Location: New Brunswick, CA
The Bay of Fundy with it's high, high tides has some very interesting sights during low tide when all the things that are otherwise hidden are visible:
When the Saint John River hits the Bay at low tide, it cascades at the inlet like any river higher than the Bay would. But at high tide things change dramatically -- the amount of tidal water causes the Bay to be higher than the river, and the tidal waters actually force the river's water to flow backward. Hence the name "Reversing Falls," although you need to stick around for a long time to see the full cycle.
Boats in Alma, New Brunswick:
The term, "high and dry" comes to mind!
Hopewell Rocks (or Flower Pot Rocks):
These rocks have been subjected to the action of the waves for thousands of years, and now the bottoms are really starting to show their age! When the tide is out, it is possible to literally walk among them on the ocean floor. See the little people down there?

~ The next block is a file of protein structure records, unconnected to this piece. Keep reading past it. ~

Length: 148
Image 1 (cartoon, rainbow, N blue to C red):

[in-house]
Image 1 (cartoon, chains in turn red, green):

The park lets you know how much time you have before you will be stranded as the ocean rises -- today getting out by 6:40 was a really good idea.
Down on the bottom, rangers create stone art at each low tide, balancing rocks one on the other until the incoming tide topples them. The secret, or so they say, is to balance the pointy rocks on somewhat rough ones. Yeah, I'm sure that's all there is to it! Two rangers did all this in less than an hour and a half.
While this has nothing to do with low tide, this is one big lobster we had for lunch! John and I split this one claw, and still have the other claw and the tail to fill up one fantastic doggie bag!